In the past 15 years (since 2007) only three starting pitchers 36 or older (min. 100 IP) have posted an average velocity faster than 94 MPH: Charlier Morton and Max Scherzer in 2021, and Verlander himself in 2019.


In Control of His Pitches



Now, of course, it needs to be said that high velocity only goes so far. Fast pitches don’t mean much if those pitches aren’t going for strikes.

In Verlander’s season debut, only 58.75% of his pitchers were strikes, which is quite low. League average tends to be around 63% or 64%, while Verlander’s career average is close to 66%. In 2019, Verlander led the league in total strikes thrown and more than 68% of his pitchers were strikes.

So, while Verlander was throwing the ball as hard as ever, perhaps he was having a little more trouble locating it?

Or perhaps not.

Verlander threw 29 pitches at 95 MPH or faster (technically, 94.5 MPH or faster, I rounded up). Of those 29 pitches, 22 were strikes. That’s 76%. So while he did throw more balls than usual, his fastball wasn’t the problem.

It’s also worth pointing out that home plate umpire Jansen Visconti was not very consistent that day, and his inconsistency worked in the Angels’ favor. As you can see from the Umpire Scorecard below, at least two pitches Verlander threw were called balls even though they were within the strike zone.

Not only is Verlander still pitching with elite velocity, but there is no reason to believe he’s lost any of his command either.


Making Contact


While Verlander’s fastball command does not appear to be a problem, there is something noteworthy about the kinds of strikes he was getting.

Of the 47 strikes Verlander recorded, just 11 were strikes looking and a mere seven were strikes swinging. Those are low numbers for the two-time Cy Young winner, and that means he was allowing more contact than he usually does.

Verlander’s Swinging Strikes and Called Strikes

That’s a big dip for Verlander in called strikes, whiffs, and CSW%, which is significant because CSW% is a strong metric for predicting a pitcher’s future success.

In 2019, Verlander’s CSW% was third-best in the majors. A CSW% of 22.5% – which he posted in his 2022 debut – would have ranked dead last among all 61 qualified pitchers that season.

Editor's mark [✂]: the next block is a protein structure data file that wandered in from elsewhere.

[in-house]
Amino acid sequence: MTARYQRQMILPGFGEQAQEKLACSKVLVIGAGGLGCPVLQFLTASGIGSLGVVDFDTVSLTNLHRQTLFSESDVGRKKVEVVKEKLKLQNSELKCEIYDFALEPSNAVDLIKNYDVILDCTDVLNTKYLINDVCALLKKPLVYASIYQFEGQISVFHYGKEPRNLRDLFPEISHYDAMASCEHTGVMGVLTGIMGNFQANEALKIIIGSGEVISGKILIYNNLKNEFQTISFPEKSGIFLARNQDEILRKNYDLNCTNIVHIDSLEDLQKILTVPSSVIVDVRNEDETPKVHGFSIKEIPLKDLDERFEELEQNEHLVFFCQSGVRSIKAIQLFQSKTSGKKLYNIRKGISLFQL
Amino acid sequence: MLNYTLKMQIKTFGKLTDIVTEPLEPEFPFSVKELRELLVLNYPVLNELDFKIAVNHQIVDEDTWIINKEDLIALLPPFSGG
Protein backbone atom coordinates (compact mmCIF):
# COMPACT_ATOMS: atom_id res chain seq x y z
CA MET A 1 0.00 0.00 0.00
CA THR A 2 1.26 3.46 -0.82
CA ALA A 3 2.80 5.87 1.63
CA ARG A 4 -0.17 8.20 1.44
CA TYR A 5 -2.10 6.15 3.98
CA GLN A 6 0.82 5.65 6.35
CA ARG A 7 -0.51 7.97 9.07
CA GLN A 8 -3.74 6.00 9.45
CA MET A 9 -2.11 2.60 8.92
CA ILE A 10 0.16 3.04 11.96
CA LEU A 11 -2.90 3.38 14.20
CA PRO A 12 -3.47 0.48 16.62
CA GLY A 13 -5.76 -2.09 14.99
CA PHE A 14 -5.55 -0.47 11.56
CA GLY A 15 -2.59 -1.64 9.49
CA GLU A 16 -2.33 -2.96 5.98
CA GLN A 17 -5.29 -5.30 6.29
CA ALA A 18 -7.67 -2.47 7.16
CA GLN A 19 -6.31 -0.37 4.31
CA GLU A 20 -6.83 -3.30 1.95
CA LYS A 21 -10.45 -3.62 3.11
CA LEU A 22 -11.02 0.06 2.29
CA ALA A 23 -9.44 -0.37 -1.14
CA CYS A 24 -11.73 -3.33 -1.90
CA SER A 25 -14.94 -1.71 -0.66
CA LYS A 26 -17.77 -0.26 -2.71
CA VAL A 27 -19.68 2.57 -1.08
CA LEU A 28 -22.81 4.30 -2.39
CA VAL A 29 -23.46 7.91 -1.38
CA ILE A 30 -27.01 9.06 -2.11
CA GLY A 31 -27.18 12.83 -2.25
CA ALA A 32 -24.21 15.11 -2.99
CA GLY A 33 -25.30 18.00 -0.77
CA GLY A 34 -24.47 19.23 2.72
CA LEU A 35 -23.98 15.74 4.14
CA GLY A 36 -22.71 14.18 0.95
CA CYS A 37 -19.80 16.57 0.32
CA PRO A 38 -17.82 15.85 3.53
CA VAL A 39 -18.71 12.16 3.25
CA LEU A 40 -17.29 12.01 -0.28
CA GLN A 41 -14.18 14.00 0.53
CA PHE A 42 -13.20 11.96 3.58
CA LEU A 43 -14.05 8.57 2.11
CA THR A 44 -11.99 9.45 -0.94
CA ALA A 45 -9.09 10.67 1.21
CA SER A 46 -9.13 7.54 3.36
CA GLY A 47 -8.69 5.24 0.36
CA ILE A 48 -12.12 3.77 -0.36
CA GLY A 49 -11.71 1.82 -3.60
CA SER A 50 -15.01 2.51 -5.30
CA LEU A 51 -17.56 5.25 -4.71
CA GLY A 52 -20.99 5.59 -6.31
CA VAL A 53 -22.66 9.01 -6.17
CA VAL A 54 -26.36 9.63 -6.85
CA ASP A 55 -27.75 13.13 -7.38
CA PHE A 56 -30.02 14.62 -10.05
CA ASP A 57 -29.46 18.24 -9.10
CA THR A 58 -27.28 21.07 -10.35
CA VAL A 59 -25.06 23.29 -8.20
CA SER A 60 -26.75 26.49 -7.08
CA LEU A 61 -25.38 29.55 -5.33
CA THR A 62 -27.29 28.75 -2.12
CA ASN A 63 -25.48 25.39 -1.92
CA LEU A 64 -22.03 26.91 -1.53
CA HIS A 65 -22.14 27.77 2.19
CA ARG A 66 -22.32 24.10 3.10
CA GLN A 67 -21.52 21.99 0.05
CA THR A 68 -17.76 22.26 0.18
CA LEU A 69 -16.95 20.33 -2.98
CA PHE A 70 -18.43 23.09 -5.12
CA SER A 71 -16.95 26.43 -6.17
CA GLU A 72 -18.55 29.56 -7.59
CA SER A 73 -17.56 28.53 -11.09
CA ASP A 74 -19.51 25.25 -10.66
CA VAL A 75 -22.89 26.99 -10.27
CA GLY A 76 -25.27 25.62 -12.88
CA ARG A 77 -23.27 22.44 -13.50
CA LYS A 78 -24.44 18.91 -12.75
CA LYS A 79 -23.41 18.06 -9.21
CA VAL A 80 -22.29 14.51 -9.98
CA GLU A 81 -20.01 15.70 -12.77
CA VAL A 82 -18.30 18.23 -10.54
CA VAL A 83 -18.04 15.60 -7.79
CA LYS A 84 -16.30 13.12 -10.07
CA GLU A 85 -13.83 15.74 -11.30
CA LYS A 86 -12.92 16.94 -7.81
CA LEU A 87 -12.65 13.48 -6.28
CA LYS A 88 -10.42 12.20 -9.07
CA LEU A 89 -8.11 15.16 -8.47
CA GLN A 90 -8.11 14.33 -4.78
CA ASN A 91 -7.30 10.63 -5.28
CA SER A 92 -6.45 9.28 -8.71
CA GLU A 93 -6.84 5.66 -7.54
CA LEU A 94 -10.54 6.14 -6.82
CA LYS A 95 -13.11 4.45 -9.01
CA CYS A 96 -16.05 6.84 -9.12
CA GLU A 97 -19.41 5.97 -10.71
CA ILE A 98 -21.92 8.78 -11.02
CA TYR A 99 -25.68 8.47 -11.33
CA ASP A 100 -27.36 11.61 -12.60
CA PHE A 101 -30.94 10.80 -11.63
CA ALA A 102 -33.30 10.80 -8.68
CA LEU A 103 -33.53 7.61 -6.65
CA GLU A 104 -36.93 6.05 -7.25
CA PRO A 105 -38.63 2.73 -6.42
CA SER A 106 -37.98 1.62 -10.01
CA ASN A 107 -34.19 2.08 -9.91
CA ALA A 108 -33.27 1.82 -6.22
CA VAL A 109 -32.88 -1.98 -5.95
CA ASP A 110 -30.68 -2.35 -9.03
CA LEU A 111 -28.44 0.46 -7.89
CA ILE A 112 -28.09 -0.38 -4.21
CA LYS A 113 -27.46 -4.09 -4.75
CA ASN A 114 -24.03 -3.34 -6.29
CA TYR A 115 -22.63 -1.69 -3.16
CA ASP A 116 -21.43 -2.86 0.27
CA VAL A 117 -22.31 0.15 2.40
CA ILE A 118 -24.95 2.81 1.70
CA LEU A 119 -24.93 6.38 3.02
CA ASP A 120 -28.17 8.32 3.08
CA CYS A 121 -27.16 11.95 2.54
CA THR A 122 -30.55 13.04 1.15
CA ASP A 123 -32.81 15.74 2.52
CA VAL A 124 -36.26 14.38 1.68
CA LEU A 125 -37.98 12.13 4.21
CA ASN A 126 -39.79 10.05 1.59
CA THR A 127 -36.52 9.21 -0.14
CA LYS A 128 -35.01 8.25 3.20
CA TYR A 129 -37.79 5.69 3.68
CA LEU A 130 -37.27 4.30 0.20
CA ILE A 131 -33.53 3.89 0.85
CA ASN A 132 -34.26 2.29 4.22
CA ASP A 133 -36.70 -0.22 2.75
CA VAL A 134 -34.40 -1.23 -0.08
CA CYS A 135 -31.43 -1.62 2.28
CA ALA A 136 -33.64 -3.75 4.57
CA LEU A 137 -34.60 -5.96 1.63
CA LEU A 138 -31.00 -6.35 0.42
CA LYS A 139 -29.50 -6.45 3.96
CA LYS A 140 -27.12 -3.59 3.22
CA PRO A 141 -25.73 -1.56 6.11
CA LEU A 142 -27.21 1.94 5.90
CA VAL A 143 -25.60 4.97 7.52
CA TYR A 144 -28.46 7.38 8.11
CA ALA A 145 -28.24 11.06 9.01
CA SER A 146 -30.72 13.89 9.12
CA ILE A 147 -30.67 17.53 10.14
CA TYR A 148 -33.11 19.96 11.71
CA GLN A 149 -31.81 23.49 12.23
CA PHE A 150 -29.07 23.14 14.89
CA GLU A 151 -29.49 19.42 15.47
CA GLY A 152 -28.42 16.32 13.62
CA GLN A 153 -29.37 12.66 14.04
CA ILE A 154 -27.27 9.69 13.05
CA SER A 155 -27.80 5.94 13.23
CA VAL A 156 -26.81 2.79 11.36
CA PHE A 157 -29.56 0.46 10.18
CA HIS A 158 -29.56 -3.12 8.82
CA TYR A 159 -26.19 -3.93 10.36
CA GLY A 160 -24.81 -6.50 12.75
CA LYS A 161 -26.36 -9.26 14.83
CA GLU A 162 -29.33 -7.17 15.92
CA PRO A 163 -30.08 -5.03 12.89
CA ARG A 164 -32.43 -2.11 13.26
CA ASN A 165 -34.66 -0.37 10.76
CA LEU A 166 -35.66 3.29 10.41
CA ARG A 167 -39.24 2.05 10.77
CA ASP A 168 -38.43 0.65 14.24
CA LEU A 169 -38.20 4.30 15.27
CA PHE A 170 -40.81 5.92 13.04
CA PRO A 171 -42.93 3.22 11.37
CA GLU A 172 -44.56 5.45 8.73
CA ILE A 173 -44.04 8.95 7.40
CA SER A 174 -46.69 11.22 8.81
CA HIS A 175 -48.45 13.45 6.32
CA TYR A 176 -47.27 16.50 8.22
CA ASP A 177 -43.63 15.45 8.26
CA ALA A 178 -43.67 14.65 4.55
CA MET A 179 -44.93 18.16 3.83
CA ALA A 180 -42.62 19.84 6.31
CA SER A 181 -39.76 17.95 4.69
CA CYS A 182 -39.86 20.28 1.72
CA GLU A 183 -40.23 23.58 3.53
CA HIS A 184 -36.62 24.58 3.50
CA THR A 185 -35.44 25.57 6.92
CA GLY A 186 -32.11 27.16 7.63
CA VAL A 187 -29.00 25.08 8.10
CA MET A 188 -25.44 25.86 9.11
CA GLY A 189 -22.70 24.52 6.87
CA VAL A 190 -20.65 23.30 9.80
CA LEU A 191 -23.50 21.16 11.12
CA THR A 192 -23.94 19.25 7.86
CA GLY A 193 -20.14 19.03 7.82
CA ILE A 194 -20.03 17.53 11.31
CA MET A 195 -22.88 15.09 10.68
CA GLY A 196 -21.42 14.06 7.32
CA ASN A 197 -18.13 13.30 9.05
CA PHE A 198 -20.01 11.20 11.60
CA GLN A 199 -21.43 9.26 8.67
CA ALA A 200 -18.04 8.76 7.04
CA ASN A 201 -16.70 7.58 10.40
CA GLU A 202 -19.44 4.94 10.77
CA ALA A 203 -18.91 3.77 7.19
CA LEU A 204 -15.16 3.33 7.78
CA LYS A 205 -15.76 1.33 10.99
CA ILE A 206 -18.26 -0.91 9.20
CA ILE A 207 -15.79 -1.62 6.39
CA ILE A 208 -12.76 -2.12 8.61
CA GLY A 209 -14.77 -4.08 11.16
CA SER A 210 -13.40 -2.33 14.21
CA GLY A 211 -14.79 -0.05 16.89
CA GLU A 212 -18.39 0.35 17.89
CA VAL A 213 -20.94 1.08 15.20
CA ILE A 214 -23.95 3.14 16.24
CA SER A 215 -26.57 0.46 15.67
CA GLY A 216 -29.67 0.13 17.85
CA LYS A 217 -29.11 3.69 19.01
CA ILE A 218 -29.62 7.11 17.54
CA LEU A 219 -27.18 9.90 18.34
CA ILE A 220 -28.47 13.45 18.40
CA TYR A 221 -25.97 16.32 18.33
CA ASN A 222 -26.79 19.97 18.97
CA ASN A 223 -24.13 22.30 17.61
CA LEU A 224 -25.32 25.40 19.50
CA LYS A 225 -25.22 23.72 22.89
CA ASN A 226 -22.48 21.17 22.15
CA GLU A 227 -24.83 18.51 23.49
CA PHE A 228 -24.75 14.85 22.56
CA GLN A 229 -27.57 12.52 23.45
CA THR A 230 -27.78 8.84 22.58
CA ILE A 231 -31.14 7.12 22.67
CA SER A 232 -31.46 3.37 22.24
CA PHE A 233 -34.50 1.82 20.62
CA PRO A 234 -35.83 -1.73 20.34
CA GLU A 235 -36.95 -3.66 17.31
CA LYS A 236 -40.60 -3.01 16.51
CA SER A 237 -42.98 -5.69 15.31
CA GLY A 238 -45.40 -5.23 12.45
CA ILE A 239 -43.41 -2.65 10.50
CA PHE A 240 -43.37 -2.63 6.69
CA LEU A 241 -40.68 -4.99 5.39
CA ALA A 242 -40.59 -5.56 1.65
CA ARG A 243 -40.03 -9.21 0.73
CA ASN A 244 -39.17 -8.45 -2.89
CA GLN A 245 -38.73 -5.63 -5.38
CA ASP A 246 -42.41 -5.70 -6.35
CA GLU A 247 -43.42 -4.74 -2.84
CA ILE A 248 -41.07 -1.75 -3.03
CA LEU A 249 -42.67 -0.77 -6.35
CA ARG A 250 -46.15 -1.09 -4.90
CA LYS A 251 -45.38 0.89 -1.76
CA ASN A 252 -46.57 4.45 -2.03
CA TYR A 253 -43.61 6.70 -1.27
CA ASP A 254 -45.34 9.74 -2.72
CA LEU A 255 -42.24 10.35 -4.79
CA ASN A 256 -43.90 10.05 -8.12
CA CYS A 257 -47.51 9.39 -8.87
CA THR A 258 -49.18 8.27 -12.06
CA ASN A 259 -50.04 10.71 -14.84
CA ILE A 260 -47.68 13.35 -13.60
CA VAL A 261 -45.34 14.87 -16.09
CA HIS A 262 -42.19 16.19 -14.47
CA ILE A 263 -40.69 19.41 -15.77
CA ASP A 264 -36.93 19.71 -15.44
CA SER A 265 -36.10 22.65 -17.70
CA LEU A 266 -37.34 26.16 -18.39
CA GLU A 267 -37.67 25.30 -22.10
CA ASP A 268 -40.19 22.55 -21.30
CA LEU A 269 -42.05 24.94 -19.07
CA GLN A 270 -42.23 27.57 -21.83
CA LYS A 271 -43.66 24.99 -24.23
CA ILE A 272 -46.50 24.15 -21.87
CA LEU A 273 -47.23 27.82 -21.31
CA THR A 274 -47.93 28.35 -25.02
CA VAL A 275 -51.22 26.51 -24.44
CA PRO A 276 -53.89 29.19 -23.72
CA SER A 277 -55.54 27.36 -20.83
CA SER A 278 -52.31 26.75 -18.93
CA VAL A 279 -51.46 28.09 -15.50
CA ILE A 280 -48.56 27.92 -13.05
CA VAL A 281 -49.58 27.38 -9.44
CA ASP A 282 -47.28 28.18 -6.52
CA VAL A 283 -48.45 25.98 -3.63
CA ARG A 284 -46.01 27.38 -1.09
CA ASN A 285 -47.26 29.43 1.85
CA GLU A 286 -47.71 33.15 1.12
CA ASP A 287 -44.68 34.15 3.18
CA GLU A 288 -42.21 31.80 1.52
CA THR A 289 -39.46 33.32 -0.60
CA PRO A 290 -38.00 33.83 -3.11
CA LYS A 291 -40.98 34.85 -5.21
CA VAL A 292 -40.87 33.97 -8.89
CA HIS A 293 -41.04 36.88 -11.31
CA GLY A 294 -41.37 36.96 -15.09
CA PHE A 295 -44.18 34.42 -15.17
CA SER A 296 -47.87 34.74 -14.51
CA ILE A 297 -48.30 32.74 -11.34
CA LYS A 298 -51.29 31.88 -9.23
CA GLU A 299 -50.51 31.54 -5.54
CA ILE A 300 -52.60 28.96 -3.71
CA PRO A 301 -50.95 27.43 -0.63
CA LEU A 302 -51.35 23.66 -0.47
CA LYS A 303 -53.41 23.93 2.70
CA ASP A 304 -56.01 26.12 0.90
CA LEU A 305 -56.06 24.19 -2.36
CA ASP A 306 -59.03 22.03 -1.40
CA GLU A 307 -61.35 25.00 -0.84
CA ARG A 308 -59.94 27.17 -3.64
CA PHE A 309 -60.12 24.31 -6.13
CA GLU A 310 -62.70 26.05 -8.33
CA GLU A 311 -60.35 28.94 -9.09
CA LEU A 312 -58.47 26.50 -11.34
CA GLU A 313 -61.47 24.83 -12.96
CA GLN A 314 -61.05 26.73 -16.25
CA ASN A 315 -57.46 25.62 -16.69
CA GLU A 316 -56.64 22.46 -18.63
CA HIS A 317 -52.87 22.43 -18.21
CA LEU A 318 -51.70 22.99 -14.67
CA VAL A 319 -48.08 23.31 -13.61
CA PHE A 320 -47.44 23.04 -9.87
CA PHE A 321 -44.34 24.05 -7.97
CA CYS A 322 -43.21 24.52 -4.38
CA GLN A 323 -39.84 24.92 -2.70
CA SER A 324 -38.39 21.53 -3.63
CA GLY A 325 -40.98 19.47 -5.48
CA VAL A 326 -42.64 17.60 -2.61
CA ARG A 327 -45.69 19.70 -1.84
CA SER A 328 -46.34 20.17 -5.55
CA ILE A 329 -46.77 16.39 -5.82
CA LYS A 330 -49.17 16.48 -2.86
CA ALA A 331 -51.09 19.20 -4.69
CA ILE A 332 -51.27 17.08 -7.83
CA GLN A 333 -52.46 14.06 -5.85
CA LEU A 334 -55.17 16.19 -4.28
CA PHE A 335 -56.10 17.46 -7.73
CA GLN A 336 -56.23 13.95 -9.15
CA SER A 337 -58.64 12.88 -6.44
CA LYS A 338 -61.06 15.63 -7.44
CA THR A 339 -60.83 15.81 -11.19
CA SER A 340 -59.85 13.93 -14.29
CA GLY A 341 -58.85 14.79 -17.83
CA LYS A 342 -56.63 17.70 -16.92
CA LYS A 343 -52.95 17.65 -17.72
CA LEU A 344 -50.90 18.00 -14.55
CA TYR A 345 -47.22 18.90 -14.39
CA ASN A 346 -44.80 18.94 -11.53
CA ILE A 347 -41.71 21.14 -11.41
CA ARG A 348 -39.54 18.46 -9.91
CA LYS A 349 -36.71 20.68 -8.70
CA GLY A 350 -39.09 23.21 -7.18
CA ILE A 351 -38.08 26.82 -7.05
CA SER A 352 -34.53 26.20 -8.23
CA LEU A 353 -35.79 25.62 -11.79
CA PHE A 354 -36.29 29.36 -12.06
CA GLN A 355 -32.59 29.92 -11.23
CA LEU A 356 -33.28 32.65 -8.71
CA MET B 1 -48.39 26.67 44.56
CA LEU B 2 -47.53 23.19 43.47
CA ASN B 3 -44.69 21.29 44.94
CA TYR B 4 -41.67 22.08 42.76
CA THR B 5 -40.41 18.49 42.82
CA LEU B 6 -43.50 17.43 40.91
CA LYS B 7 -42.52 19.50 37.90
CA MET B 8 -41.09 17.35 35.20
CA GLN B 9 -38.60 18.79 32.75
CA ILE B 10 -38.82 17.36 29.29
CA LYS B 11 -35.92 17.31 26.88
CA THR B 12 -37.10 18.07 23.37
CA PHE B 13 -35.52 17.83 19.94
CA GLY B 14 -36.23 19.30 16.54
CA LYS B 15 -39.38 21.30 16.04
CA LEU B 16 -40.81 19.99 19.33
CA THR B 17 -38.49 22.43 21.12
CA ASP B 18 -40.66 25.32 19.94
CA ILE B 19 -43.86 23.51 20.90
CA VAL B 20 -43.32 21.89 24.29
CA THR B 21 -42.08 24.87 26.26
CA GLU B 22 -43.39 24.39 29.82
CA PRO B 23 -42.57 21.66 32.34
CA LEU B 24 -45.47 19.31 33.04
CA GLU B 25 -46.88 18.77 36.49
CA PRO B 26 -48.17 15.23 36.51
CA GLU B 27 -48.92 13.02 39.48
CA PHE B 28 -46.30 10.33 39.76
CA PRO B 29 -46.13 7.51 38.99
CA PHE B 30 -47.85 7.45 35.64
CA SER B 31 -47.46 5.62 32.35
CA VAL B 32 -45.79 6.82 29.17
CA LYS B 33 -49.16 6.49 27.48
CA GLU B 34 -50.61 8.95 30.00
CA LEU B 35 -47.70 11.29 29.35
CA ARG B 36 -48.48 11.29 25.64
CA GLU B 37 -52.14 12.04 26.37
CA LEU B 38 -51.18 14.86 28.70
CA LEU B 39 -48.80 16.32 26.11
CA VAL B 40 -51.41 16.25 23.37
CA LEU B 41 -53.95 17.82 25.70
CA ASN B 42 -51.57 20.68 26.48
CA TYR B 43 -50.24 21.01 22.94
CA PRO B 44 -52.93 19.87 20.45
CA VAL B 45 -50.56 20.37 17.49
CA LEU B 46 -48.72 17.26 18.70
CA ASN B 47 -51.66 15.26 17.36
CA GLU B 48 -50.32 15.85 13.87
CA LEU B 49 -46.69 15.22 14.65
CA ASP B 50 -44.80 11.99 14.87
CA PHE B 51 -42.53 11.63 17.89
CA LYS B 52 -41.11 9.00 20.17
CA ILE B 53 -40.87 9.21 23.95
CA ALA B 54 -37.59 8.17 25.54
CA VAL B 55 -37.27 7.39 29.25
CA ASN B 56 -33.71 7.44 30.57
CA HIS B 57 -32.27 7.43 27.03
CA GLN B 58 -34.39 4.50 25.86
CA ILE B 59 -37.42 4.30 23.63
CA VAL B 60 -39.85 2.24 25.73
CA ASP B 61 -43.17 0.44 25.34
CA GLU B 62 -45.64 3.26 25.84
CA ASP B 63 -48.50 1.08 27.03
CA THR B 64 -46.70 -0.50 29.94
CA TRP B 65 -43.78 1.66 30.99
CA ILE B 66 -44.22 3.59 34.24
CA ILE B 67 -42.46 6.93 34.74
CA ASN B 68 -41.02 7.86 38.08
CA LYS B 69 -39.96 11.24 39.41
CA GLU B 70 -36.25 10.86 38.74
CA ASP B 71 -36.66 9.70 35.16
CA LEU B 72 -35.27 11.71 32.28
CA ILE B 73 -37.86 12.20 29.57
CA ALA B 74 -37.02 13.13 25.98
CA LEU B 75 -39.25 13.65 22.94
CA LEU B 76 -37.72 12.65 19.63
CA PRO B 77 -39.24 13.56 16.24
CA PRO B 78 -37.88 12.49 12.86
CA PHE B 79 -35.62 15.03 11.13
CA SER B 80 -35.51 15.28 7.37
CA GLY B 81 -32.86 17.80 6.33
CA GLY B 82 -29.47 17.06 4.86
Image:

All that being said, one 80-pitch start is a very small sample size. If Verlander had recorded just 4 more called strikes or whiffs, his CSW% for the game would have been 27.5%, which is almost exactly his career average.


In Conclusion


So, Verlander was not as dominant in his first start of 2022 as he has been in the past. But honestly, it would be pretty shocking if he was. This was his first big league start in almost two years, and his first following Tommy John surgery. Not only that, but the man is 39 years old and his Spring Training was truncated. Considering all those extenuating factors, Verlander’s performance against the Angels was pretty freakin’ impressive.

His balls and strikes are something to keep an eye on, as are his CSW% and, in particular, his whiff rate. But what is most important is that Verlander’s velocity remains elite and he looks strong and healthy – not just for his age, either.

Whether or not he’ll be quite as dominant this season as he was at his peak remains to be seen, but if I were a betting man, I’d bet that Justin Verlander will still be very, very good in his seventeenth major league season.


Photo by Brian Rothmuller/Icon Sportswire | Adapted by Justin Redler (@reldernitsuj on Twitter)

Leo Morgenstern

Leo is the Operations Associate at Pitcher List. He was previously a staff writer for Going Deep and author of the weekly Friday newsletter. In addition to his work for PL, his writing has appeared at FanGraphs, Just Baseball, Baseball Prospectus, and SB Nation.